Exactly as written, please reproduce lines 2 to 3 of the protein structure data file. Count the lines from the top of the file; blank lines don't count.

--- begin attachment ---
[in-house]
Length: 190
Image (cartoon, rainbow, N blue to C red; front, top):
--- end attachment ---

Length: 190
Image (cartoon, rainbow, N blue to C red; front, top):